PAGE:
For obvious reasons, this author hopes that a hyperlink, on its own, cannot be defamatory. Yet this is precisely the question before Canada’s Supreme Court in Crookes v. Newton. The defendant, who operates P2PNet.net, authored an article entitled “Free Speech in Canada,” including hyperlinks to further articles that were allegedly defamatory of the plaintiff.
The tort of defamation requires publication and proof that the words are legally capable of bearing a defamatory meaning. At trial, the Supreme Court of British Columbia held that “without proof that persons other than the plaintiff visited the defendant’s website, clicked on the hyperlinks, and read the articles complained of, there cannot be a finding of publication.” The court further analogized a hyperlink to a footnote in printed material — it merely serves as a convenient tool for readers to voluntarily access that source or site: “Where a footnote leads a reader to further material, that does not make the author who provided the footnote a publisher of what the reader finds when the footnote is followed? citing the proposition of the New York cases MacFadden v. Anthony and Kline v. Biben, “reference to an article containing defamatory content without repetition of the comment itself should not be found to be a republication of such defamatory content>” (emphasis added).
A majority of the Court of Appeal for British Columbia agreed. The court stated that the hyperlinks in question (quoted below) fell short of a statement of approbation or adoption: “Under new developments, thanks to the lawsuit, I’ve just met Michael Pilling, who runs OpenPolitics.ca. Based in Toronto, he, too, is being sued for defamation. This time by politician Wayne Crookes.”Like the trial judge, the majority likened the hyperlinks to footnotes (or a card index in a library). On April 1st, 2010, the Supreme Court of Canada granted leave to appeal, and oral arguments were heard on December 7th. The decision is expected to be released within the next few weeks.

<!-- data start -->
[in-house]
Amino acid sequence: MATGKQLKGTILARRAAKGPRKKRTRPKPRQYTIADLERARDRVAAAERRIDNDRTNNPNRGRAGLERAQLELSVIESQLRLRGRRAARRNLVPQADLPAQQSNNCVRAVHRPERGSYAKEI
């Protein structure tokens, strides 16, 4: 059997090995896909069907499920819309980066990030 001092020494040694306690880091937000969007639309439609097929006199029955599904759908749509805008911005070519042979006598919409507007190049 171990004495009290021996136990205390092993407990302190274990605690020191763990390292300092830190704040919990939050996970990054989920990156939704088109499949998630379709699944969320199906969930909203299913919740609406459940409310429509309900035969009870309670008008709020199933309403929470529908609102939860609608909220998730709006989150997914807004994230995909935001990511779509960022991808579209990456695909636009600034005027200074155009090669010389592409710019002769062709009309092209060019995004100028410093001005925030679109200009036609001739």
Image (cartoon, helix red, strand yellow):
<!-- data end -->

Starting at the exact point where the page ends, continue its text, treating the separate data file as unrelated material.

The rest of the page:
In the U.S., Section 230 of the Communications Decency Act may provide a blanket exemption for this type of activity (unless there is an allegation of criminality, breach of privacy or intellectual property claim). As the Supreme Court of California noted in Barrett v. Rosenthal: “These provisions have been widely and consistently interpreted to confer broad immunity against defamation liability for those who use the Internet to publish information that originated from another source?
“We acknowledge that recognizing broad immunity for defamatory republications on the Internet has some troubling consequences. Until Congress chooses to revise the settled law in this area, however, plaintiffs who contend they were defamed in an Internet posting may only seek recovery from the original source of the statement” (emphasis added).
Unless the Internet were to grind to a litigious halt, it seems that the approach of the Canadian Courts and U.S. Congress is a sensible one. The Internet was designed to be a series of linked pages. Hyperlinking is the Internet. The “inventor” of HTML, Sir Timothy John “Tim” Berners-Lee, put it best:”The ability to refer to a document (or a person or anything else) is in general a fundamental right of free speech to the same extent that speech is free. Making the reference with a hypertext link is more efficient but changes nothing else. There is no reason to have to ask before making a link to another site. But by the same token, you are responsible for what you say about other people, and their sites, etc., on the Web as anywhere” (emphasis in original).
Indeed, unless the site specifically repeats or endorses the linked content, then the raw link itself cannot reasonably be said to constitute a republication of the allegedly defamatory material.